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Reading Recovery

Reading Recovery

Reading Recovery is a school-based early literacy intervention designed to accelerate the reading of the lowest attaining 5-6 year olds.

Age group

Preprimary Age,Primary Age

Policy Area

Improving the quality of teaching

People Involved

Teacher and educational specialist

Objectives

• Accelerate learning so that children reach age appropriate levels of reading and writing
• Develop the strategic mental processes needed to engage in reading and writing
• Encourage children to take control of their learning

Abstract

The Reading Recovery programme has a history of success since its conception by an educational psychologist in the 1970s and has been the subject of extensive research.

Monitoring evidence in the UK shows consistently high outcomes sustained for more than 20 years.  Children who completed the intervention at age six have been followed through to national assessments at age 11, at which point four out of five were still operating within or above national expectations in reading. 

The target population is the lowest attaining 20% of children between 5-6 years old and sensitive screening programme identifies these children and prioritises them for intervention. The screening tool is a sensitive battery of assessments of very early reading and writing (Clay, 2013) designed to differentiate between children at the very earliest levels of understanding about literacy, e.g. visual discrimination of letter shapes; concepts about print; ability to hear and record sounds to represent letters; ability to retain frequently encountered words in writing and reading (such the child’s own name); and responses to text reading in a gradient of challenge.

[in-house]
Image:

The intervention consists of a 20 week course of daily 30 minute lessons with individual children and builds upon intensive teacher professional learning.  Initial university accredited training spreads across one year, interweaving practice in school with regular professional development, during which teachers engage with the theory and practice of literacy development and children’s learning.

The aim of the intervention is to accelerate learning to between three and five times normal progress so that children reach age appropriate levels of reading and writing within 20 weeks. Central to the intervention are two types of learning; children successfully reading familiar texts in order to develop fluency and proficiency, and the use of unfamiliar texts to develop problem solving strategies.

The school-based interventions are usually funded from a school’s own budget.

Project website

http://ilc.ioe.ac.uk/rr.html

Project Materials

Materials: A set of theory and practice manuals, Suitable children’s reading texts, Magnetic letters

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